This historical novel intertwined with beautiful elements of fantasy, tells the story of Chava, a golem created by a Rabbi, and Ahmad, a Jinn born in the Syrian desert, both of whom find themselves in turn of the century New York. This book is gorgeously written and has such a marvelous foundation of characters and their relationships with one another that it has become one of my favorites. As Chava and Ahmad slowly become friends and form an unbreakable connection, we also get a deep dive into the chaotic beauty of immigrant neighborhoods in this period, and the people who live in them. A truly spellbinding look at friendship, building family, and making a home for yourself. 

The Golem and the Jinni

By Helene Wecker,

Why should I read it?

6 authors picked The Golem and the Jinni as one of their favorite books, and they share why you should read it.

What is this book about?

'One of only two novels I've ever loved whose main characters are not human' BARBARA KINGSOLVER

For fans of The Essex Serpent and The Mermaid and Mrs Hancock.

'By far my favourite book of of the year' Guardian

Chava is a golem, a creature made of clay, brought to life by a disgraced rabbi who dabbles in dark Kabbalistic magic. When her master, the husband who commissioned her, dies at sea on the voyage from Poland, she is unmoored and adrift as the ship arrives in New York in 1899.

Ahmad is a djinni, a being of fire, born in…


A Tip for the Hangman

By Allison Epstein,

Book cover of A Tip for the Hangman

Why this book?

This book, set during the Elizabethan period, tells the intrigue-filled story of Christopher (or Kit) Marlowe as he agrees to be a spy for the Queen of England in order to make the money he needs to become a playwright. I know what you’re thinking. This does involve a monarch, but it’s very much about what happens when a desperate man makes a deal with powerful people to achieve his dreams, and ends up in trouble. If you know what happened to the famous playwright who was Shakespeare’s peer before his death (or what likely happened to him), you know what I mean. This book is a thriller, but is at its heart a love story about a man in love with his art and his best friend, and his struggle to choose between them. 

A Tip for the Hangman

By Allison Epstein,

Why should I read it?

2 authors picked A Tip for the Hangman as one of their favorite books, and they share why you should read it.


Villains of All Nations: Atlantic Pirates in the Golden Age

By Marcus Rediker,

Book cover of Villains of All Nations: Atlantic Pirates in the Golden Age

Why this book?

This is my nonfiction pick for this list, and one of my favorite books on any historical period, ever. This was a foundational text for my own trilogy set in the golden age of piracy, and at least half of it is underlined and filled with my excited notes. This book takes on the period through what Rediker calls “history from below” exploring the lives of pirates, sailors, enslaved people, and those fighting against empires and the damaging effects of colonization in the 18th century. It stands against the depiction of pirates as lazy thieves, and instead paints a picture of social and economic rebellion. The pirates weren’t perfect, but they were building something of their own in juxtaposition to the rampant abuses of the era.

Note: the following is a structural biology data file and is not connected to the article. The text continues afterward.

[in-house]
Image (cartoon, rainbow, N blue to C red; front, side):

Villains of All Nations: Atlantic Pirates in the Golden Age

By Marcus Rediker,

Why should I read it?

3 authors picked Villains of All Nations as one of their favorite books, and they share why you should read it.

What is this book about?

Pirates have long been stock figures in popular culture, from Treasure Island to the more recent antics of Jack Sparrow. Villains of all Nations unearths the thrilling historical truth behind such fictional characters and rediscovers their radical democratic challenge to the established powers of the day.

5 book lists we think you will like!

Interested in jinn, piracy, and William Shakespeare?

6,000+ authors have recommended their favorite books and what they love about them. Browse their picks for the best books about jinn, piracy, and William Shakespeare.

Jinn Explore 16 books about jinn
Piracy Explore 100 books about piracy
William Shakespeare Explore 119 books about William Shakespeare

And, 3 books we think you will enjoy!

We think you will like A General History of the Pirates, The Five, and Pirate Nests and the Rise of the British Empire, 1570-1740 if you like this list.